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Old 01-22-2015, 06:15 PM   #1
bentmettle OP
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Cracked Gas Gas muffler

I don't want to be "that guy", but I want to engage the fine community here and I have some questions before summer comes and I start re-ignoring maintenance

2005 Gas Gas 300 TXT. Overall in good shape.

Just noticed that the muffler has a crack in it.




I assume this isn't completely out of the ordinary given that there is a huge hole right there for the crack to grow from.

Anything I should do with this besides TIG it back up?
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Old 01-22-2015, 07:42 PM   #2
lineaway
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Usually the mid pipe breaks first. Tig it.
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Old 01-22-2015, 07:45 PM   #3
brewtus
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Quote:
Originally Posted by lineaway View Post
Usually the mid pipe breaks first. Tig it.

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Old 01-22-2015, 07:47 PM   #4
DerViking
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As "that guy" who put a piston in backwards, what can I say?

If you can weld aluminum, than have at. It's non structural, if it fails you won't get hurt.
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Old 01-22-2015, 07:55 PM   #5
bentmettle OP
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Quote:
Originally Posted by lineaway View Post
Usually the mid pipe breaks first. Tig it.


I suppose this bead on the left rear side does look like a field repair now that I look closer and see the wire brush marks on it.
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Old Yesterday, 07:52 AM   #6
motobene
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When you reassemble you can seal the interface with clear silicone seal. That will increase structural strength so less likely to crack again. And later you can get it apart because it is a rubber. Silicone also seal things well to prevent dripping mung or spraying spoo.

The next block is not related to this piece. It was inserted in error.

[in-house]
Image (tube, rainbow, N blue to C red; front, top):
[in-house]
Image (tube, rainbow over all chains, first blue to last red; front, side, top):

I have this custom titanium header on my bike that works awesome, but wasn't made perfectly. The flange at cylinder end is warped and won't seal without assembly with silicone on both sides. The other end comes up short, barely into the first o-ring in the muffler.

Silicone seals the cylinder interface, and holds the other end in the center muffler. After a year and a half of joy, I recently smacked a log hard and broke the seal. I could hear the exhaust more and go mung seeping out of the exhaust port area. Boo!

I removed the pipe and rolled the silicone off with my thumb at the cylinder flange end of the pipe. I removed the stuff on the other end with a wire wheel. Re sealed carefully and now it's back to new.

Silicone 1 RTV is a wonder substance.
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Old Yesterday, 02:16 PM   #7
bentmettle OP
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thanks for the suggestion. I may give that a go when it warms up.

I braved the frozen garage to zap it back together.

I am a horrible hack with aluminum!
I struggle with heat control at the edge of sheet metal like that, especially in a butt weld scenario.



But it's more or less fixed for the time being.
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Old Today, 08:06 AM   #8
motobene
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Quote:
Originally Posted by bentmettle View Post
thanks for the suggestion. I may give that a go when it warms up.

I braved the frozen garage to zap it back together.

I am a horrible hack with aluminum!
I struggle with heat control at the edge of sheet metal like that, especially in a butt weld scenario.



But it's more or less fixed for the time being.
Handling aluminum parts in the cold is

As a long-time TIG welder, don't be embarrassed by your job at all! All those nice aluminum welds you see are under very controlled, repeat circumstances. I never get super nice welds on one-off repairs. One nice thing about really cold thinner aluminum parts, however, is they are less likely to blow out when welding.
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